There are several ways that this can be done. The most common and preferred way it’s called JPAY. This can take as little as three hours to complete and post an inmate’s account. This money can be used for phone calls as well. This protects loved ones from being made to pay for collect calls that can become expensive. Just for me to call my family can cost a lot. From $.50 to connect and five cents a minute to $.21 a minute if I pay for it. A collect call cost $3.50 to connect and $.21 a minute for the person called. I use my commissary for the things that I need, soups, soap, paper and pen. I use the rest to call my family and save them money.

Wow, not even 5 PM and they just called the names of a dozen people and walk them out to be discharged. Dinner hasn’t even arrived yet. Either they will eat downstairs or leave quickly. Either way, I’m happy for them. I’m glad to see them go. I have already seen people get discharged and managed to come back. What a bunch of idiots. How do you manage to get in trouble again not one week after leaving? I try to do the math. That means he was arrested several hours after leaving. I know that you can sit in the police station for up to 24 hours before going to central bookings. Central bookings can hold you for up to three days before you see a judge. Then, one to two days in intake here at the jail. That’s about five days. He left Friday and was back Wednesday. I don’t understand.

It’s now 5 PM and we are waiting for dinner. I’m still listening to NPR to stay up on the news. I like the stories, it’s entertaining. I’ve measured my time the best way I know how yet I still panic. I keep myself out of trouble by writing yet I’ve slowly watch this pens ink disappear.5:04 PM and 46° with overcast skies. Not that the overcast skies have much impact on LaGuardia Airport. I’ve been watching the planes take off since I got here. I to imagine where they are going and think about being there. Anywhere but here. I can’t stand this place.

There’s only one person I can tolerate here and that’s Ms. Butters. She is a correctional officer that has been looking over me. I was up all night until 11 PM talking to her last night. The lights went off at 9 PM and we just talked all night.

We talk about the 7 to 3 tour and why she is faced by a bunch of questions when she starts her shift at three. I explained that the 7–3 tour yells at everyone and doesn’t try to help people.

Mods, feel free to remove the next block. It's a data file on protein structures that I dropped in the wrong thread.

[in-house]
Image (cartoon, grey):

It’s now 7:20 PM and something strange just happened. There’s a guy on this unit that has been a bit of a nuisance. He takes ‘keep’ and is normally in a catatonic state if he doesn’t have it. When he gets it, he becomes belligerent, annoying and tends to be an asshole. I’ve had to protect him and stop many fights that he has instigated. Anyway, he came into the bathroom while I was washing my towel and he comes into the bathroom dry heaving. Come to find out he would projectile vomit all of the bathroom. This violent vomiting was because he overdosed on his ‘keep’ medication. He has apparently been hiding medication and took several at one time. This just proves my point that people should not be permitted to have drugs in jail. Detox should be a punishment when you come to jail. Not rewarded because the city doesn’t want to take care of an inmate who is withdrawing from drugs. I am withdrawing from nicotine and caffeine. You don’t see me acting like an asshole for my drugs.

They’re not going to give me dip or a nicotine patch here in jail. They certainly won’t let me smoke. They eliminated smoking in jail years ago. I just don’t understand the process at all. I’m not sure if you want to call it a lack of empathy or what you choose to call it.

It’s just about that time. Commissary tomorrow. Let’s hope there is not another shake down tomorrow morning. That would suck. Either way, I have two weeks left.

Good night weirdos


6 AM wake up call

“Commissary” The officer yells.

That turned out to be a lie and breakfast comes in. I grab my tray just to have the free sugar so that I don’t have to buy it and commissary. I hand the entire tray to someone else.

Just like normal, there is an argument over breakfast. Why do they have to argue over every meal? I truly don’t understand it. I didn’t even eat and I have to listen to the idiot argue with the guards. Maybe if you guys stop arguing with the 7 to 3 shift she won’t feel compelled to yell at everyone.

This was the quickest commissary ever. Normally takes two hours to get through ordering all your stuff, paying, waiting for people to finish and get back upstairs. This time last week, we came back from commissary and the unit was under a shakedown. I am writing this looking over my right shoulder watching the planes take off from LaGuardia airport. This is mostly how I spend my time and how I’ll be spending my time here for the last two weeks.